The Ghost Writer
Roman Polanski’s The Ghost Writer reconfigures his magnum opus, Chinatown, for the modern era. Like Jake Gittes, the unnamed protagonist (Ewan McGregor) is an acerbic, indifferent middle class working man who finds himself wading into a conspiracy that dwarfs him until he cannot hope to get the truth out. The difference is scale: made in the ’70s and set in the ’30s, Chinatown was about the total corruption of city government, collusion between business and authority until the aristocracy could do as it damn well pleased. But The Ghost Writer takes place in the present, in a time when everything is multinational and conspiracies can be worldwide.
Ostensibly about a titular ghost writer hired to edit the memoirs of Adam Lang (Pierce Brosnan), former Prime Minister of the United Kingdom, following the death of his first ghost, Polanski’s thriller quickly exposes its hilariously off-kilter setup for the MacGuffin it is. Instead, he delves into daring political material, taking the knowledge of America’s involvement in installing puppet leaders in Third World nations to a terrifying possibility: what if the United States performed similar covert operations to ensure the cooperation of our strongest allies, and is that not why they are our allies to begin with?
We travel to meet Lang in a hideaway island off Martha’s Vineyard, in a locked-down complex with far too much security to protect the manuscript of a memoir that the Ghost himself notes no one will want to read anyway. Soon, however, the reason for the isolation becomes clear: back in the UK, Lang faces charges for war crimes for allegedly turning over British citizens of Arab descent to the US for torture. The Ghost, who railed against political soft shoeing in the memoirs of public officials, suddenly finds himself a part of Lang’s inner circle, even drawing up a press release to deflect this attention. As Lang’s assistant/mistress Amelia (Kim Cattrall) tells him, “That makes you an accomplice.”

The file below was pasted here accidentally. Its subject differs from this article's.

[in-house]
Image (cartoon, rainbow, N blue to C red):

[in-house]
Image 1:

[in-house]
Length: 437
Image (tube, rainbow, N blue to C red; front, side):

Like Scorsese’s Shutter Island with a political instead of emotional interest, The Ghost Writer above all else shows an aged director at the top of his visual game, reworking Hitchcock pictures like Notorious where Scorsese dabbled with Vertigo. Nothing moves quickly in The Ghost Writer, and each shot is as visually sumptuous as anything seen in the last few years. Polanski uses the mise-en-scene and lighting primarily to lay on the word ghost: light sources do not illuminate the darkness so much as create tiny balls of pale white light floating in the middle of pitch blackness. Lang’s compound conveys a purgatorial feel, always covered in clouds and a cold wind as wall-sized windows make it impossible sometimes to tell if people are inside the house or out and a servant constantly sweeps leaves into a wheelbarrow as the wind scatters them again. The opening montage alone, communicating the death of the first ghostwriter without showing any action, is a masterful way of documenting the idea of a ghost, showing all the signs of Mike’s death long before he finally gets to a shot of his corpse washing up on the island beach. And then there’s the playfulness, from a security drill going off just as the Ghost starts snooping, and a tracking shot at the end that last so long it becomes comical, until it keeps going and becomes tense once more.
Polanski also retains his gift for working with actors. Tom Wilkinson and Eli Wallach give fantastic cameos, while Brosnan perfectly captures Lang’s shameless self-promotion, his vacuous deflection of serious charges leveled against him. McGregor, one of the more reliable actors of his generation, does not make us care all that much about him as a person, though we’re not meant to. Instead, he serves as our proxy for shock and revulsion as he follows the clues to the truth. But it is Olivia Williams who steals the show as Lang’s wife, Ruth. Tasked with the most complex role, Williams plays Ruth as an ice queen, resentful of the political aspirations she sacrificed for her husband. The great irony of Polanski’s career, given his personal issues, is that, more than nearly any English-language director, he understands women. Just as he used his horror filmRepulsion to subvert the image of the Hitchcockian ice queen by showing how men like Hitchcock tortured her into her emotional distance, so too does he undermine the image of the politician’s wife. He gives Ruth an air of tragedy, a strong woman far more politically capable than her husband who had to become nothing but a prop because that was expected of her. And then Polanski undercuts the character yet once more, and suddenly Williams’ performance becomes even more layered.